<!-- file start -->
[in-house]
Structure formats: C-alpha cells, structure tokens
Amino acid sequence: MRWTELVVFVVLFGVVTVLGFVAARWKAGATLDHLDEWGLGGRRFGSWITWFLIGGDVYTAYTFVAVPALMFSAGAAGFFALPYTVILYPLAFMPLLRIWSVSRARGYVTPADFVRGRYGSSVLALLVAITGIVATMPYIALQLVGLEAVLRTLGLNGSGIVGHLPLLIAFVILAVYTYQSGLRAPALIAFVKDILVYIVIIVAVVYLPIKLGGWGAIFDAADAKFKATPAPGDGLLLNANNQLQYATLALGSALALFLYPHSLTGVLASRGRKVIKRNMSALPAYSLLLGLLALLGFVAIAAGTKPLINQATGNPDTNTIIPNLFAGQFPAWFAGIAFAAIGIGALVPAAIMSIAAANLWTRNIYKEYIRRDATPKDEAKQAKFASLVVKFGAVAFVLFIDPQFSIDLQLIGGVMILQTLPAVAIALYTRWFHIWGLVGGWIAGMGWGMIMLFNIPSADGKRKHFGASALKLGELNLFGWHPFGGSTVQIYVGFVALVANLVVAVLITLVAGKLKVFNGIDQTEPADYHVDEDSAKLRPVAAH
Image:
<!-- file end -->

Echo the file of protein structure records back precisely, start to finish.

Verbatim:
[in-house]
Structure formats: C-alpha cells, structure tokens
Amino acid sequence: MRWTELVVFVVLFGVVTVLGFVAARWKAGATLDHLDEWGLGGRRFGSWITWFLIGGDVYTAYTFVAVPALMFSAGAAGFFALPYTVILYPLAFMPLLRIWSVSRARGYVTPADFVRGRYGSSVLALLVAITGIVATMPYIALQLVGLEAVLRTLGLNGSGIVGHLPLLIAFVILAVYTYQSGLRAPALIAFVKDILVYIVIIVAVVYLPIKLGGWGAIFDAADAKFKATPAPGDGLLLNANNQLQYATLALGSALALFLYPHSLTGVLASRGRKVIKRNMSALPAYSLLLGLLALLGFVAIAAGTKPLINQATGNPDTNTIIPNLFAGQFPAWFAGIAFAAIGIGALVPAAIMSIAAANLWTRNIYKEYIRRDATPKDEAKQAKFASLVVKFGAVAFVLFIDPQFSIDLQLIGGVMILQTLPAVAIALYTRWFHIWGLVGGWIAGMGWGMIMLFNIPSADGKRKHFGASALKLGELNLFGWHPFGGSTVQIYVGFVALVANLVVAVLITLVAGKLKVFNGIDQTEPADYHVDEDSAKLRPVAAH
Image: